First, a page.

Friday, June 17, 2016

Word of the Day:Insouciance

Fresh flowers are part of chic

I am a "word nerd". This morning, when I awoke, I was pondering the concept of "chic". I have
been following Fiona Ferris's Thirty Chic Days for ten days and my early morning contemplation, over my bowl of fresh strawberries and my cup of café au lait, led me to the word "insouciance" literally "the quality of being without worries."

Learning and practising a language is always chic. Some of my Sorbonne classes were held at Reid Hall where Jacqueline
Bouvier and Susan Sontag also studied.

Chic women do not worry. Their clothes are appropriately chosen and suitably maintained.  Their small closets are organized. No worries! Their home, whatever size it may be is clean and a vase of fresh flowers sits on top of the dining table. A fresh salad, daily walk and bit of time for contemplation... A life characterized by insouciance!

If I owned these shoes (from a shop in Place des Vosges) I would fly about the streets.

That's an oversimplification but....if we have conquered worry, our being is freed up for so many
other activities. We can smile and be gracious just because.. Worriers are always thinking about themselves and the possibility of disaster. Most of us will experience loss, disappointment and sadness in our lives.  Our bodies and our minds will alter. Most certainly, we will die and those we love will leave us.  But most of us will survive a missed bus or even a missed plane, an awkward moment, or a small financial setback. At my age, I know these things to be true.

There is so much around us to enjoy:even nature in Paris.

Okay, back to my original thought. Why is it easier for me to be insouciant when I am away from home? It's not just France but I'm equally worry-free in Mexico. First, I usually live in a smaller apartment and have someone who cleans once a week. Several apartments that I have rented have been supplied with books and music that I have enjoyed. In Oaxaca, I volunteer at a library so I have a source of free books. I don't drive when I am away from home.  I am by nature a flâneuse so walking to do my errands is not a hardship. Seafood, chicken and vegetables are my favourite foods so I eat them. I skype Maman each day and Darling Daughter e-mails when she needs to communicate.  Monsieur and I e-mail but we both benefit from alone and autonomous time.

fresh seafood in Paris

Why oh why is worry part of my life at home? No situation in my life can be improved by worry.
Worry impedes action and is decidedly  unchic. Worry causes stress which causes ill-health. From
a religious perspective, worry implies a lack of faith. In conclusion, for my next 20 days of chic, I will try to let go of worry, anxiety, apprehension, second favour of true Gallic insouciance.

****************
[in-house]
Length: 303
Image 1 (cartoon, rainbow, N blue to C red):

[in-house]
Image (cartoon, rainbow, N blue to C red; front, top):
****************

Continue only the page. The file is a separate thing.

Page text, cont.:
Wednesday, June 15, 2016

Clothing and Travel Planning

For the last three years, I have been "curating" my wardrobe. Since I no longer work, I no longer
require "work clothes". I'm just about ready to cull my last structured "blazer" jacket as I have not worn it for at least 2 years. On the other hand, I have a softer two-piece skirt and jacket that I wear to church and on which I often receive compliments. I don't think that I'm a "structured" gal.

I used to work out with a personal trainer three times a week. I'm not a "gym" gal either so I bought colourful gym outfits to make me feel better. I stopped the trainer for reasons of economy. I live next door to a community centre. I could easily go over and use the weight machines. I don't! No need for fitness clothes other than one pair of yoga pants and a loose top. I walk but that involves street clothes, appropriate shoes and outerwear.
I seem to be wearing more of this

than this.
I do enjoy dressing up but I am married to Monsieur who likes to wear black t-shirts and athletic pants. I haven't been on a cruise for two years and I no longer have season tickets to the opera. How many evening outfits do I need?

Even my travel style has changed in the last few years. At the end of August, I will be flying to Dublin. I will be touring Ireland on Bus Eireann which is not a tour but an intercity bus system.
That means that I will be handling my own bags. Then, I will fly from Belfast to Shetland to visit family. Last time that I flew the regional carrier, Flybe, I paid no surcharge from Paris to Lerwick.
Merci, Air France. But, the Lerwick to London portion was handled by Loganair who charged me almost 100 pounds. My trip will end in London where I hope to attend the theatre a couple of times.

I have been working to develop a grey/navy wardrobe with turquoise as my accent colour. If you read
The Vivienne Files, 12 Months, 12 Outfits, my wardrobe is a lot like Janice's fourth one, Cheval Surprise Remix.  I don't own that Hermès scarf but I do have a couple of turquoise scarves from Diwali in Paris. My touring outfit will probably be comprised of grey jeans or navy pants, a t-shirt and a cardigan. My sources tell me that Ireland's weather can be variable (rainy) so I'm not sure what 
sort of coat that I might need. I have a pair of grey New Balance shoes which will probably work well
for exploring The Cliffs of Moher or walking on Da Knab in Shetland

Do you watch Shetland? I probably need my sturdy walking shoes.